The idea behind the composite backing with missing pieces of aluminum was to create a lighter swinging bat with a stiff transition point. Less metal meant less weight and a if the transition was stiff then that would allow the barrel to create a larger trampoline effect. As a result, the ExoGrid was marketed as a balanced swing with a stiff handle and enormous pop.

With the original ExoGrid we found those claims to be, roughly speaking, the case. The ExoGrid transition point was stiff and did push a lot of the mishits to your hands, but a jack in the sweet spot was reason enough alert the FAA. The bat by today’s standards wouldn’t be considered particularly light, but it definitely had a nice smooth balance to it. The Original ExoGrid had a long run as it was first produced in 2007 and wasn’t really changed much (outside of a paint job or two) until 2012 when BBCOR standards came into play.


In theory, the bat was still going to be a light swing with the barrel also now ‘undergirded’ by light composite bands. However, our measurements never proved that the light swing weight claim was the case—especially by today’s standards. In fact, the ExoGrid 2 is one of the heaviest swing weights we can find in the BBCOR-certified bats.


Overall Ratings

The overall rating uses seven different weighted metrics to determine our overall score. Half of total rating comes from the player and our exit speed tests (Player Rating: 25%, Performance: 25%).The other categories are Relevance (20%), Demand (10%), Durability (10%), Resell Score (5%), and Tech Specs (5%).

*: When a bat is denoted by a star (*) it is a preliminary rating. Expect it to be updated as we learn more about the bat and gather more data.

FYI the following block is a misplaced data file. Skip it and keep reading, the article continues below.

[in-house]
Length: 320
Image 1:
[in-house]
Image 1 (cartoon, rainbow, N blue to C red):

(PlaRa) Player Rating: We measure player rating from user reviews. Those users include our own hitters that we test at the lab as well as reviews we find online.

(ExVe) Performance: Performance measures the exit speeds and distances we capture in our hitting lab with HitTrax using these bats.

(Relv) Relevance: We measure the number of sizes and the MOI of the bat. Bats with a wider range of options get a better score.

(Dmnd) Demand: Demand is measured by consumer sentiment and the buzz around the bat.

(Drb) Durability: A bat’s durability is measured by user reviews as well as feedback from manufacturers.

(ReSl) Resell Score: Based on the price the bats go for used. Higher prices mean greater user demand which means, generally, a better bat. A resell value closer to its original price means a higher score.

(Tech) Tech Specs: We rate the bat on its technological advancements from previous years and compared to the industry at large. This is our chance to reward companies who are trying to innovate.
MOI or Mass Moment of Inertia is a measurement of bat swing weight. This quantifies how difficult it is to swing a bat. The industry often refers to this as things like End Load or Balanced but those words have been overused to the point of meaninglessness. We measure the actual swing weights of each bat we test using the industry-standard pendulum period, balance point, and scale weight. You can read more about that here.
The price is the original MSRP price of the bat.
The types of bats are single-piece alloy (SPA), two-piece composite (TPC), single-piece composite (SPC), hybrid (Hyb.), and wood (Wood). Hybrid bats are made of composite handles and alloy barrles.
The estimated date the bat began distribution.

Download our data.